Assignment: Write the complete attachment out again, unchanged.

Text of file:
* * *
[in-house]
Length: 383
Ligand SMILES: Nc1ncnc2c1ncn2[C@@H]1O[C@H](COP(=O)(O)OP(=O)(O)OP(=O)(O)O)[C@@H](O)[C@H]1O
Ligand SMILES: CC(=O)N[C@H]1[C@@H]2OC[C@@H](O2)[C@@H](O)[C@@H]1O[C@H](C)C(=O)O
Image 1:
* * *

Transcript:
[in-house]
Length: 383
Ligand SMILES: Nc1ncnc2c1ncn2[C@@H]1O[C@H](COP(=O)(O)OP(=O)(O)OP(=O)(O)O)[C@@H](O)[C@H]1O
Ligand SMILES: CC(=O)N[C@H]1[C@@H]2OC[C@@H](O2)[C@@H](O)[C@@H]1O[C@H](C)C(=O)O
Image 1: